A recent rash of cyberattacks against Magento 1 web commerce sites underscores the criticality of having a strategy in place for securing technology that has reached end of life or is no longer supported by its vendor.
Adobe announced in September 2018 that support for Magento 1 would come to end in June 2020, giving organizations adequate time to port over to Magento 2 or make other arrangements to protect their ecommerce sites. But that warning did not stop a trove of companies from sticking with Magento 1: around 100,000 entities still use the dated platform.
“I call it the tsunami of the past,” said Setu Kulkarni, vice president of strategy and business development at WhiteHat Security. “The software, or the software service (i.e. the API) may reach the end of its life because the organization is no longer investing in it. But that does not mean that no customer is using it.”
Reluctance to move
That’s not to say that there aren’t good reasons for clinging to technology that have reached EOL or EOS.
“Companies often continue using an application past EOL when the upgrade costs and business interruption are perceived as being greater than the risks of utilizing the EOL product,” said Mark Moses, director of client engagement at nVisium. Also a challenge, he added: niche solutions that have been heavily modified or required dozens of interfaces to be built. That would have to be replicated with the required upgrade.
“When those costs are high, the myopic solution is to keep the EOL point solution as-is,” Moses said.
Indeed, the interconnectedness of systems and software can prompt some companies to demur when it comes to moving away from technology that has reached EOL or EOS.
“Every software component is a part of a complex software supply chain that supports an end customer’s business,” said Kulkarni. “So, while an [independent software vendor] may decide to EOL a software or API and in doing so give reasonable motive, still the ramifications of that decision are multi-fold for the end customer who has to re-tool their software supply chain.”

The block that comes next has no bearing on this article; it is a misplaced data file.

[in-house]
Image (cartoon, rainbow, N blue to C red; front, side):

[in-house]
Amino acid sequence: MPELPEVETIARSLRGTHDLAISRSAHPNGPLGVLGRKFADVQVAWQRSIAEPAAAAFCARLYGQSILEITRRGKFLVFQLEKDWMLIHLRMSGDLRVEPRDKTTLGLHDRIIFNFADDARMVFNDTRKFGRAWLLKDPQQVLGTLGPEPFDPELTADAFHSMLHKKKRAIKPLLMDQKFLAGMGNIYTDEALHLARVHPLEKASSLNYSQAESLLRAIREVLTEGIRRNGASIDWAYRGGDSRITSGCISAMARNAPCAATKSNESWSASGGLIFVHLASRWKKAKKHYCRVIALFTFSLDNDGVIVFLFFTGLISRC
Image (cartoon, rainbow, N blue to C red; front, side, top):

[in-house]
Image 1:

Manufacturing, electricity companies, and other critical infrastructure organizations will often continue to use tech well past EOL or EOS because they rely on operational technology for expensive assets that can far outlive the software that runs on them. Similarly, health care organizations may have EOL software associated with medical devices, such as a very costly MRI machine that has three more years of functional life, but runs Windows XP.
“OT often runs very outdated EOL products, but they are built to have longevity, long after the software has reached EOL,” said Heath Renfrow, director and virtual chief information security officer at the Crypsis Group. “OT equipment is likely not going to be replaced every time the software reaches EOL; it may seem to make little sense from a business perspective.”
And, ultimately, that’s what it often boils down to – a business decision that suits an organization’s risk appetite, Renfrow continued: Do you make the very considerable investment in a new MRI machine, or do you continue to use your current model, which has met EOL from a software perspective but otherwise is fully functional? “There are financial pros and cons on many of these decisions, and for organizations that are cash-strapped, it can be difficult to weigh the costs and benefits.”
There are other considerations as well. If, for example, the end of life product is more mature than new and less tested products, or if all known vulnerabilities have already been patched, or if the organization has suitable mitigation knowledge, “then it could be said that the end of life product is more of a ‘sure thing’ than say, a newer product, where new vulnerabilities are likely to be revealed on a regular basis going forward,” said Kedgley.
Weighing the risk
Regardless of the rationale, ignoring those end of life (EOL) or end of service (EOS) warnings can leave users with no recourse.